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Discussion Starter #1
Just took a 800 mile road trip with my 2015 Outback. It had 24K miles on it with a Thule Atlantic roof cargo box. Mostly highway driving 75 to 78 mph with cruise engaged, temps around 35 degrees thru OH & IN. Averaged 22 going and 18.5 coming home against a stiff oncoming wind. I'm hoping without the cargo box I can get closer to a 30 mpg average. I thought the Outback would be a lot better than my old Chevy Tahoe that I owned for 20 years and got 16.5 mpg average for it's entire life.
 

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I simply cannot abide useless people.
2006 2.5i and 2002 3.0 wagons.
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75-85MPH with a cargo box? Yeah, that's about right.

Slow down and lose the box unless totally needed.
 

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2018 Subaru OB Premium
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The faster you go the more the car fights air, the closer to 65-70 the better MPG's will be on all cars, and if the cruise is like my Nissans it's awful for fuel economy on anything but flat roads

Currently averaging 26 I think in mine combined, I see 30+ on the highway here in the mountains all day
 

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2015 Outback Limited, 2.5i, 2021 Touring XT in White
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Some time ago, someone posted the average highway speed for the EPA was 48 mph. So any speed more than 48 will give you lower MPG. Test are also conducted using ethanol free gas with a driver who is very experienced in EPA testing.
 

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2018 Touring 3.6R
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Some time ago, someone posted the average highway speed for the EPA was 48 mph. So any speed more than 48 will give you lower MPG. Test are also conducted using ethanol free gas with a driver who is very experienced in EPA testing.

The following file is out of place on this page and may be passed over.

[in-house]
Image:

It's correct that the average speeds of the hwy tests are around 48mph, but there's far more to it than that. One of the hwy tests is basically a mix of city and hwy driving with multiple brisk accelerations, full stops, idling, and an 80mph top speed. The other is a more rural highway mix, but still has lots of speed changes and a top speed of 60mph. Those tests only cover 8 and 10 miles respectively. None of the EPA tests reflect a long distance relatively fixed speed highway only run, which is why MOST cars at the very least hit their EPA numbers on those trips. Many vehicles with decent aero easily beat those numbers. I have a sedan that is usually 5mpg over on long trips.

Our OB averaged 29mpg on a 300 mile highway only trip which is 2mpg over EPA. That was 75mph, winter fuel, and only about 1,500 miles on the car at the time. I won't be surprised if 30-31mpg is common in the summer.
 

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2016 2.5i Limited, 2013 Tesla Model S 85